The family’s four universal functions or tasks are: (a) the function of replacement or reproduction; (b) the function of position conferring by introducing the new member into the ethnic and cultural larger societal group to which the family belongs; (c) the parentifying function–fulfillment of basic physiological and psychological survival needs through nurturance, emotional gratification, and support; and (d) the socialization/enculturation of the offsprings so they can qualify as full members of society (Winch, 1977, p. 108).
Ideally, the relationship between the family and its sociocultural environment involves mutuality and reciprocity, social articulation, and recognition, so it can create a sense of belonging and of historical continuity for the family and its members. The environment should provide the protection, security, support, and supplies that will enhance family functioning. Therefore, when these resources are inadequate, the results may be stress and conflict within the family and failure in the individual development of its members.
The way in which a family is organized is determined by the way people make their living, that is, by the mode(s) of subsistence and the related technology (Winch, 1977). Consequently, in response to its sociocultural environment, all families develop some type of internal structure that serves as the family’s organizational framework. This framework is a manifestation of the values of the cultural group to which the family belongs and is responsible for developing culturally typical procedures and relationships that will make it possible for the family to achieve its goals and actualize its potential. Family structure can be defined as the set of rules, roles, power distribution, specific forms of communicating, and ways of negotiating and problem solving. The interactions that define the internal organization of every familial group also serve to maintain the integrity and balance of the family system as a whole.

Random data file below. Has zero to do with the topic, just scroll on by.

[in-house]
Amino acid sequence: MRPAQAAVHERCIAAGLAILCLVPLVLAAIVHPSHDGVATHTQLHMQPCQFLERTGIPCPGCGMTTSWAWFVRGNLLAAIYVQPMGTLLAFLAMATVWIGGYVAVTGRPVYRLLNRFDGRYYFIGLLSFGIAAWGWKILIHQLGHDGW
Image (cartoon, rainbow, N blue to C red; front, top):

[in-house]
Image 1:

Some characteristics of the family structure are: (a) it gives to each family its identity, unity, and stability; (b) it regulates and facilitates family members’ psychosocial development, and family members’ coping mechanisms to deal effectively with stress, as well as facilitates family fulfillment of its own tasks as a family; and (c) in the presence of external stress or unexpected crisis, the family structure develops and arranges itself into a functional group to jointly perform family-related functions, preserve the family values, and transmit their behaviors.
Finally, since family structures as an adaptive response of the family to the sociocultural system and to the historical circumstances in which it is embedded, it is expected that family structure changes its power structure, rules, and role relationships in response to situational and developmental stress (Olson, Russell, & Sprenkle, 1983).

(*) This article is based on the Qualitative Study of the Acculturative Process of Immigrant Hispanic Parents. Marquez (2000). Doctoral Dissertation.

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Dr. Gelasia Marquez is an immigrant clinical and bilingual school psychologist. Dr. Marquez has studies, researches, articles, and programs aimed to help immigrant Hispanic children, adolescents and families in their processes of transition after migration